A few days ago, Mr Chua Lam, long-time author of a number of Chinese cookbooks and TV-host of Chinese cuisine appreciation shows, made the astounding remark that “hotpot is a cultureless form of food, and it should disappear.”
Mr Chua made the comments in an appearance on the Chinese talk show Day Day Up, when he was asked what dish would he like to see vanished from the face of the earth. The ensuing reply “hotpot” and the elaboration that “hotpot totally lacks cultural significance. You just throw some ingredients into a pot. I don’t get what’s delicious about it” prompted a furore of angry replies and reprimands in cyberspace.
Few knowledgeable in the Chinese culinary tradition could deny its place amongst the world’s Parthenon of great cuisines, and even fewer professing love and admiration for the cultural depth and diversity of Chinese gastronomy could reasonably question hotpot’s place in it.
Having said that, Mr Chua’s casual disregard for the cultural and culinary significance of the hotpot is perhaps not entirely unreasonable. He is probably not alone.
For example, earlier this week, Australian metalcore guitarist and vegan advocate Jona Weinhofen tweeted a picture of a bubbling hotpot with the words “Meat eaters be like ‘vegan food looks and tastes gross.’ And then eat something that looks like leftover dishwater.”
Ignoring the crass cultural insensitivity and simmering neo-colonialist attitude, a most generous reading of that comment might see Weinhofen’s words as an indication of some kind of complete incomprehension of the joys of hotpot.
This incomprehension is perhaps partly gastronomic and partly operational – as plenty of visitors of the then new hotpot restaurant Shuang Shuang in West End London found themselves befuddled by the very manner of eating hotpot.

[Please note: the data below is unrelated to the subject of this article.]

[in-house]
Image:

Even Fuschia Dunlop, one of the few in the West conversant in the language of Chinese gastronomy, described in her column at the Financial Times that her first Chongqing hotpot experience as “literally a baptism of fire and probably the most baffling meal I’ve had in China.”
Having said that, it is almost certainly a mistake to label hotpot as culturally shallow. Hotpot, with its exact origins lost in history, has historically found itself not just enjoyed by Song dynasty peasants, as described in a cookbook by Lin Hong, but also presented on the highest tables.
The Qianlong Emperor once laid on a feast featuring 1,550 hotpots for the guests. The hotpot even made an appearance as a dish in some versions of the stupendous Manchu Han Imperial Feast.
Like all that makes up the Chinese culinary tapestry, hotpot is found all across China, and exhibits great variety. Each of China’s eight culinary traditions boasts its own version of hotpot, and each one reflects its own culinary philosophy and logic.
The Beijing hotpot, shuang yangrou, “scalded mutton” can only be done properly with the traditional copper pot, where a burning piece of charcoal is placed in the furnace inside the chimney of the pot, while the slices of mutton, cut thin as paper, swim around in the surrounding channel laced with medicinal herbs.
The soup of Sichuan mala, “numbing and spicy” hotpot and its nine-sectioned variant jiugongguo, is thick with Sichuan peppercorns and chilly oil, not only for the purpose of inducing that tingling tangling numbing sensation on the lips of the adventurous, but also to drive the “wetness” out of the body, as dictated by Chinese medicinal lore for those living in a climate as humid as Sichuan.